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J Autoimmun. 2004 Mar;22(2):131-8.

Persistence of recipient lymphocytes in NOD mice after irradiation and bone marrow transplantation.

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Autoimmunity and Transplantation Division, The Walter and Eliza Hall Institute of Medical Research, 1G Royal Parade, Parkville 3050, Victoria, Australia.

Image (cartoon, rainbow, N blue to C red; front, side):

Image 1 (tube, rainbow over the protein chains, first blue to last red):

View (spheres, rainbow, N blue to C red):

The non-obese diabetic (NOD) mouse is a unique and invaluable model of autoimmune disease, in particular type 1 diabetes. Bone marrow transplantation as a therapy for type 1 diabetes has been explored in NOD mice. NOD mice require higher doses of conditioning irradiation for successful allogeneic bone marrow transplantation, suggesting that NOD hematopoietic cells are radioresistant compared to those of other mouse strains. However, studies of hematopoietic reconstitution in NOD mice are hampered by the lack of mice bearing a suitable cell-surface marker that would allow transferred cells or their progeny to be distinguished. In order to monitor hematopoietic reconstitution in NOD mice we generated congenic NOD mice that carry the alternative allelic form of the pan-leukocyte alloantigen CD45. Following irradiation and congenic bone marrow transplantation, we found that the myeloid lineage was rapidly reconstituted by cells of donor origin but substantial numbers of recipient T lymphocytes persisted even after supra-lethal irradiation. This indicates that radiation resistance in the NOD hematopoietic compartment is a property primarily of mature T lymphocytes.

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